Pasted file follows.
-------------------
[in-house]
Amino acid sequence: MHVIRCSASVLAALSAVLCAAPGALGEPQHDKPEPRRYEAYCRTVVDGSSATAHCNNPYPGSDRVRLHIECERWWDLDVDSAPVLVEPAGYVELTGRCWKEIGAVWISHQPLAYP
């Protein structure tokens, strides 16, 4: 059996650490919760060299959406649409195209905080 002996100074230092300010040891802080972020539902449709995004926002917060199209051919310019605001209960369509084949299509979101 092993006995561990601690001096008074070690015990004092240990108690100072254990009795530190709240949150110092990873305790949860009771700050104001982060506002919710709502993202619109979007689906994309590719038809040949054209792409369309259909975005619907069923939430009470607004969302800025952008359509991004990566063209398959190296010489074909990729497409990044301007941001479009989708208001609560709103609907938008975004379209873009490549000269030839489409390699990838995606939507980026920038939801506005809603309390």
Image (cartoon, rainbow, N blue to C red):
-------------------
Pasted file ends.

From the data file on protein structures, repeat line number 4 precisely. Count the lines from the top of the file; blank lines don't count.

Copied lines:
Image (cartoon, rainbow, N blue to C red):